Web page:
Raiders of the lost Ark

Read / lees in : nlNederlands

Debre Mariam Monastry / near Megab / Ethiopia
We’d only just met the guy, but Lucía was already very cosy with him.

From the Omo valley, with its tribes that would not be out of place in a NatGeo documentary, we drove via Addis Abeba to the north of Ethiopia. Driving around I sometimes thought I was back in India, everywhere the same tuktuks drove around (just painted blue instead of yellow) and cars made by Tata. Need I say more. The good news is that after our time in India my car is covered with scratches and dents, so since ages I couldn’t care less about another one. Priceless to see the idiots in disbelief every time they cut me off, didn’t yield or tried to push me off the road and I gave exactly zero fucks. It was however imperative to leave the scene as quickly as possible after every collision. Because before you know it a crowd with AK47’s gathers and automatically blames the white guy for everything. Something that has become common practice in the west too, so you know exactly what I mean.

Wise guys

On our way to Gondor / Ethiopia
I now own one of those umbrellas too. I kid you not.

What I didn’t know, and probably neither did you, is that Ethiopia played an important part in the history of christianity. For instance one of the three wise guys that crashed Jesus’ baby shower came from Axum in the north of the country. And the Ark of the Covenant – which Indiana Jones was searching in the wrong place – was kept on an island in Tana Lake for centuries. Therefore we drove via Tana Lake and Gondor, through cinematic landscapes, to Axum. The place where the Ark is kept nowadays. At least, that’s what they claim. But women are not allowed in the church to begin with, and the building where the Ark is supposed to be is only accessible to one priest. I guess we’re gonna have to take his word for it. So without having seen it we continued. Our next visit was to the Debre Damo monastry, a short drive from Axum, where you have to climb into using an eighteen meter long rope. The most northern location during our tour through Ethiopia.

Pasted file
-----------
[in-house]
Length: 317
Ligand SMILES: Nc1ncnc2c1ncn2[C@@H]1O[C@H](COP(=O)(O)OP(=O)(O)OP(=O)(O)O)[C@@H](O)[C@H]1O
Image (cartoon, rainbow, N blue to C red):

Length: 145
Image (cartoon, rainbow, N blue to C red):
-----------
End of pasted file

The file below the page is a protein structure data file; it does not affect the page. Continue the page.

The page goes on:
The last stretch

Lalibela / Ethiopia
I am pretty sure that the level was not invented in Ethiopia.

When we left the place I realised that I was now on the last stretch of my trip around the world. Because from there every day we would get a little bit closer to Cape Town, the intended last destination of the journey. To be honest, it was about time. As you know I’ve had enough of it for a while now. But first we needed to go to the Abuna Yemata Guh church. A rock-hewn church high up in a mountain, because of which you have to be an acrobat to enter that one too. After that we moved slowly as ever towards the crown of the Ethiopian collection of churches: Lalibela. Lalibela is a bit like Petra in Jordan or Ajanta/Ellora in India, but made by somebody with two left hands. After our tour in the north we scheduled a couple of much needed resting days in Addis Abeba. But what do you know, as soon as I leave any place all hell breaks loose. Just our fucking luck, all of a sudden we were without an internet connection. The hell.

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